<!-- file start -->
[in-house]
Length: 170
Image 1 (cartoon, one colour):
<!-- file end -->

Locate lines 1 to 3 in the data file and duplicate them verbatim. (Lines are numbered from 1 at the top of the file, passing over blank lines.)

[in-house]
Length: 170
Image 1 (cartoon, one colour):